The inquirer

Janis Coffey, the Associate Director for the Institute of Positive Education, Australia

Janis Coffey, the Associate Director for the Institute of Positive Education, Australia

A practice example of how PYP teachers can provoke and inspire students to make their own discoveries through inquiry.

“Learning is a process of constructing, testing and reconstructing theories, constantly creating new knowledge. Teachers as well as children are constantly learning.” ~ Carla Rinaldi & Peter Moss ~

There are many moments in your teaching practice that stay with you forever. One of those moments was when Rhiannon had discovered the formula for calculating the area of a two-dimensional shape. I say, ‘discovered’ because, for her, this was unchartered territory. It was a warm day outside and the children were busy in Year 2 working out how many one centimetre squares it took to cover a range of different sized rectangles. I noticed that Rhiannon had not covered the entire space, but rather only made two lines across the width and length of the shape with the miniature blocks. I asked her what she was doing. She looked at me with pure satisfaction, knowing she had just made a profound mathematical finding. “If you multiply the number of blocks along both sides, it gives you the total area!”

I had not taught Rhiannon how to calculate the area of a rectangle that day. She had discovered it herself. I merely put the tools in her hands, ensured she had the right resources and asked her the right questions. This is the role of a teacher in the inquiry classroom.

Educational researcher, Professor Erica McWilliam, is a firm believer that teachers need to take on the role as ‘meddler in the middle’ rather than just being the ‘sage on the stage’ or the ‘guide on the side’. Of course our students can learn a lot from us and we are there to support them along their learning journey. But we are also there, in a sense, to agitate the learning process. We provoke students with engaging experiences or ideas. We inspire them to want to know more. Questions are posed to ignite thinking.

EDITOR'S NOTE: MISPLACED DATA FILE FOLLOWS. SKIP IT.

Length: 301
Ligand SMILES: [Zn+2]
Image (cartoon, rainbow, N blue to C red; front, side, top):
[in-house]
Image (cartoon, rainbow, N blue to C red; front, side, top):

Inquiring is a way of approaching learning. An inquiry teacher asks herself, ‘How will my students discover new knowledge today? What experiences can I provide them so that they formulate new understandings?’ Teachers listen carefully to their students and document where they are in their learning. This is a vital part of the process that helps teachers plan and prepare for the next chapter. Students in inquiry schools discover the curriculum. It is not delivered TO them by their teachers.

Janis Coffey_Pull quote 3Learning in this way is meaningful to students. And we know that when there is meaning or understanding, the learning is embedded. Inquiry classrooms foster creative and critical thinking skills where students are making and testing theories. Explicit teaching of skills is done ‘just in time’. They are taught exactly when students need them, there and then. This is contrary to the traditional sense of teaching skills ‘just in case’ where students are taught sets of skills disconnected from one another and without real-life application. The ‘one day you may need to know this’ approach to teaching skills fails to engage the learner who is unable to make sense of it in their own world. Without applying the understandings and consolidating the new knowledge through practical experiences, students remain disconnected from the learning.